In Chariots of Fire, Harold Abrahams explains why he works so hard to win the Olympics gold medal: “I have ten lonely seconds to justify my existence”. Our culture increasingly values people on the basis of what they do, earn or produce, as opposed to recognizing their intrinsic worth.
If justifying our existence on earth is entirely our own responsibility, then failure is devastating. When Harold loses a race, he symbolically loses everything. And even when he wins, victory clearly feels strange to him, even anti-climactic. 'I'm forever in pursuit,' he confesses, 'and I don't even know what I am chasing.' We could deify romantic love too, putting cosmic significance on our love partner to fulfill our lives. But that sets us up for disappointment because no one can bear the burden of ‘godhood’. We are really seeking redemption, not only romance. Everyone is building his identity on something.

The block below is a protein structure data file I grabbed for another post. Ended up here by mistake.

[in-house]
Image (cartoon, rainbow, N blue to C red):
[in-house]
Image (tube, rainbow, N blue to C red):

If I build my identity on being a good parent, I have no true ‘self’ – I am just a parent, nothing more. If something goes wrong with my children or my parenting, there is no ‘me’ left. If our ‘idol’ comes under threat, we are shaken to the core and paralyzed by fear. If you lose it due to someone else’s failure, you will be bitter. If you lose it due to own failure, you will hate yourself. Inordinate love: We turn good things into ultimately things. Only if you identify is built on God and his love can you have a self that can venture or face anything. Augustine: Our hearts are restless until they find rest in God.
Social Consequences of Sin
But what if my career/family is doing great? Well, if there is a God who created you, then your soul simply cannot be filled up by anything less. Jesus is the only Lord who, if you receive Him, will fulfill you completely and if you fail Him, will forgive you eternally.